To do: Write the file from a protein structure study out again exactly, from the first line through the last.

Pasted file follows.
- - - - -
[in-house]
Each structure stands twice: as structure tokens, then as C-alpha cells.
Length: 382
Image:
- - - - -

[in-house]
Each structure stands twice: as structure tokens, then as C-alpha cells.
Length: 382
Image: